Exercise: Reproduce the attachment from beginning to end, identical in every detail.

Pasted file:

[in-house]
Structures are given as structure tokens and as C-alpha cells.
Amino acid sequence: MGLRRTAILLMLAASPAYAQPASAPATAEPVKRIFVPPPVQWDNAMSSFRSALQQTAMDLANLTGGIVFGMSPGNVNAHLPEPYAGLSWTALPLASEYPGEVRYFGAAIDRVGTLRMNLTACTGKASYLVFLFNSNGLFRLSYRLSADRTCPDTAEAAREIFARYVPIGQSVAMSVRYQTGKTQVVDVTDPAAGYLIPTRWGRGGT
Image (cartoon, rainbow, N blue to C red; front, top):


[in-house]
Structures are given as structure tokens and as C-alpha cells.
Amino acid sequence: MGLRRTAILLMLAASPAYAQPASAPATAEPVKRIFVPPPVQWDNAMSSFRSALQQTAMDLANLTGGIVFGMSPGNVNAHLPEPYAGLSWTALPLASEYPGEVRYFGAAIDRVGTLRMNLTACTGKASYLVFLFNSNGLFRLSYRLSADRTCPDTAEAAREIFARYVPIGQSVAMSVRYQTGKTQVVDVTDPAAGYLIPTRWGRGGT
Image (cartoon, rainbow, N blue to C red; front, top):